Changing the GitHub username "name" (not to be confused with "Username") via the command line?

I am following the Git Immersion tutorial to get started as I am using Git for the first time.

And the very first team had my doubts. I issued the commands exactly like this:
# To login
$ ssh -T

# To change my name
$ git config --global "Joana Dine"
$ _


After all this, when I check out my GitHub account, it still has the same old name. My name has not been updated. What am I doing wrong?


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2 answers

I confirm:

git config --global "Joana Dine"


This is just one of three places that Git will look to identify your commit made locally (on your workstation).
It is not related to GitHub.
It has to do with the author of the commit and the committer name for each of the commits you create.

If you want GitHub to show the specified commits as yours once you've pushed to your GitHub repository, then be sure to set and to the same values ​​as for your GitHub account.

But nothing prevents you from committing like " foo

" (git config --global "foo") and then pushing them using your GitHub credentials.
The two (commit name and GitHub credentials) are not linked at all.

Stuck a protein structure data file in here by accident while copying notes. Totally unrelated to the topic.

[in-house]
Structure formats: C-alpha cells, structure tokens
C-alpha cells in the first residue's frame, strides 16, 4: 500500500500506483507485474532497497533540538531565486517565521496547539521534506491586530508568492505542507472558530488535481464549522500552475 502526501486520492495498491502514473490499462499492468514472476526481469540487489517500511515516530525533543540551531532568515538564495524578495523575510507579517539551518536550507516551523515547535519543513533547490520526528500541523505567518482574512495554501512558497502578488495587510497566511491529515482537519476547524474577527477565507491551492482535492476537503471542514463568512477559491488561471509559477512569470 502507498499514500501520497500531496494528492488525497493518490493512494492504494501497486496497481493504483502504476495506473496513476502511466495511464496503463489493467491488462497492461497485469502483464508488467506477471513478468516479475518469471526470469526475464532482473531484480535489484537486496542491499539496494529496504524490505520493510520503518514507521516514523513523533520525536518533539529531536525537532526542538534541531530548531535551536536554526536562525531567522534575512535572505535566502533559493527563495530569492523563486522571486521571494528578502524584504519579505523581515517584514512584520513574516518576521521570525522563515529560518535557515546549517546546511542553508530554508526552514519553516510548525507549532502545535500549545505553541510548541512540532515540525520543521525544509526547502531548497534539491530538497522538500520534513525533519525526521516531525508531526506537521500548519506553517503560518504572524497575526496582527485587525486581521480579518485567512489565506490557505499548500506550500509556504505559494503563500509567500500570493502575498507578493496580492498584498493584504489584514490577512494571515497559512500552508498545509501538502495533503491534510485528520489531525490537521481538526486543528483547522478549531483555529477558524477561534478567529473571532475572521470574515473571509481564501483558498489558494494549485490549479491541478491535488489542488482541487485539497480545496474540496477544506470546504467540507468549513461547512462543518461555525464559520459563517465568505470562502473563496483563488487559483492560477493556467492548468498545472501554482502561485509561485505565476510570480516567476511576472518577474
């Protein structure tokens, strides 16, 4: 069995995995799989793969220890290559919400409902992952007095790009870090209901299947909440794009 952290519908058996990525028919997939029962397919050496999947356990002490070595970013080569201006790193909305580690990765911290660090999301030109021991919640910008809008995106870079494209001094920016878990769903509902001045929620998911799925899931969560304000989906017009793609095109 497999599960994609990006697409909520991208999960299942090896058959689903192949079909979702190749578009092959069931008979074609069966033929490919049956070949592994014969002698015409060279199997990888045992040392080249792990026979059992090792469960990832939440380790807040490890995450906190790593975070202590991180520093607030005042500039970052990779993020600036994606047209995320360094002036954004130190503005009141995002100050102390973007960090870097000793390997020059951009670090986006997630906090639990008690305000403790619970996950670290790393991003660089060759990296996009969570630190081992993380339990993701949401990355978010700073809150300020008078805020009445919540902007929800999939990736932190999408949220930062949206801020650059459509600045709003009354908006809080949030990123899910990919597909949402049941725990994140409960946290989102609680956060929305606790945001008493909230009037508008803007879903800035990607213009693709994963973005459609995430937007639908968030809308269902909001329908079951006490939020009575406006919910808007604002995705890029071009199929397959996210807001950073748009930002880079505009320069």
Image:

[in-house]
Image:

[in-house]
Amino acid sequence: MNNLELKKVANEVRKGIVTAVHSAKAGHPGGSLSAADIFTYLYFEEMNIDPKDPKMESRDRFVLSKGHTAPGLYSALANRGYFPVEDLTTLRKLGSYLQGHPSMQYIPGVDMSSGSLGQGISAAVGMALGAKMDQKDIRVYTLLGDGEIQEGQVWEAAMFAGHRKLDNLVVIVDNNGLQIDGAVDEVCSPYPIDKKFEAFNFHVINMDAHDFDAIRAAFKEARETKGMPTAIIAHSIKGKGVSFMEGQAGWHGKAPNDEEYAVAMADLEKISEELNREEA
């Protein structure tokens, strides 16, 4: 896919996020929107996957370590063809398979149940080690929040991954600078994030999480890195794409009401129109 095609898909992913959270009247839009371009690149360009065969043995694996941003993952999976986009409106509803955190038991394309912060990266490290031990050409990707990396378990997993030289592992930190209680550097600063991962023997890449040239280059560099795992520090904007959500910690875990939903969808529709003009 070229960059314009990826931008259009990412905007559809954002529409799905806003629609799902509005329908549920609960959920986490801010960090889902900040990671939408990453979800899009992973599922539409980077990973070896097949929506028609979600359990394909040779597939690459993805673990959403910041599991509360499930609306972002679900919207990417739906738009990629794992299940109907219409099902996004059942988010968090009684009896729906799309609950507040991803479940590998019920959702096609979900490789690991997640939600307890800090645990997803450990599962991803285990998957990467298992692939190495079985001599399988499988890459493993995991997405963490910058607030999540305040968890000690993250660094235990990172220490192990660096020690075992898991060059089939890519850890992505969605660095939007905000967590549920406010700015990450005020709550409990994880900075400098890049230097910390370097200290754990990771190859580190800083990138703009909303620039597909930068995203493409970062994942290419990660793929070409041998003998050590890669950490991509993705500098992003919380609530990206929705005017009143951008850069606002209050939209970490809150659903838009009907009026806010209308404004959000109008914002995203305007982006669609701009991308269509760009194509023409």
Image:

"To change my name" should be understood as "To change my name locally for my new commits."

The only time GitHub will require credentials is when you pull / push the GitHub repository, in which case it will use the credentials used in $HOME/.netrc

(or %HOME\_netrc

in Windows, assuming you have defined HOME

, which is not defined by default in Windows ): see " Synchronizing with github ".



If you want to change the ones listed on github you need to rewrite the whole repo history (destructively) - see this guide

As others have said, git config

uses this information to provide an "author" field for new commits you make - it doesn't affect history.

The reason it hasn't changed anything in the past is because the author of the commit is one of the fields used to generate the hash of the commit change by modifying it.



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